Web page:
In this question, a program means a parameterized multithreaded program with the interleaving semantics, a finite number of per-thread states (which may depend on the number of threads), and finite number of shared states (which may depend on the number of threads).
A shared state is a valuation of the shared memory, and a per-thread (in other terminology, local) state is the valuation of thread-local memory (we assume no stack). Interleaving semantics means that the actions of the threads are interleaved on a single processor and a thread has rw-access to the shared memory and its own local memory and no access to the local memories of the other threads. Parameterized means that we conside a family of programs generated from a finite-desciption template such that the $ n$ th member of the family has $ n$ threads (which typically coincide up to the thread identifier).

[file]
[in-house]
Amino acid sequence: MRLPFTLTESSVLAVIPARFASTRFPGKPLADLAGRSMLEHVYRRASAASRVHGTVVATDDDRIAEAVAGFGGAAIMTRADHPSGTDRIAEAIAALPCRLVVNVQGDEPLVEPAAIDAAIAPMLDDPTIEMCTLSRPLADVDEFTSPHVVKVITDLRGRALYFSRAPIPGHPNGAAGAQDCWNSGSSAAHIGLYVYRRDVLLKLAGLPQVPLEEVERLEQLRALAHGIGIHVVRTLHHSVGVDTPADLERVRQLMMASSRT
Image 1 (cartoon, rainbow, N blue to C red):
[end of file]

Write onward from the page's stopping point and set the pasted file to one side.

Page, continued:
To the best of my knowledge, for such a program, the size of the shared state-space is anywhere between constant (e.g., for a single boolean lock variable) and exponential (e.g., Peterson mutual exclusion protocol) in the number of the threads $ n$ .
Is there any well-known academic program in which the size of the shared state-space grows superexponentially in $ n$ ?